Sometimes Linguists Use Swearwords

Linguists don’t just use cuss words when the computer dies, but also as sources of linguistic evidence (especially for sound patterns).
For instance Arnold Zwicky notes that this cartoon of gag gifts of for Tony Blair crucially relies on puns that only work if you drop the final /r/ (Hint: Tony got a “fur cuff” from the new PM). Oh…now I get it!
Hundreds of years from now, linguists will use this vulgar pun as evidence of final /r/ deletion in British English. They already do it with Shakespeare where hour still rhymed with whore – look the vowel shift was still in progress!
American English also has its share of swear word phonology. For instance, I came up with a “clean” example of how African American English mo’ [mo:] (more) does not quite rhyme with mow [məw] even though both have lost the /r/.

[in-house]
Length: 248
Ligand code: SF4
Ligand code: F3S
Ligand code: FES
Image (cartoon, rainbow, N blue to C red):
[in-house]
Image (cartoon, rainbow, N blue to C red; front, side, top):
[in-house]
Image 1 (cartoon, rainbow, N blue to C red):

Can you guess what the original example I noticed was? Yes – it was based on the famous Eddie Murphy skit explaining “how to be a Ho” where ho = [həw], but not [ho:] It took my a while to determine which career path he meant since it did not rhyme with the original. Basically, it wasn’t until Murphy said you could work “without even leaving the comfort of your own bedroom” that I determined what a ho was.
I’m not going to lie to you – it was a little embarrassing to explain this important phonological distinction in public the first time I noticed.
P.S. I was able to confirm that Murphy pronounced ho as [həw] because I checked on an online video. The internet CAN be an effective research tool.

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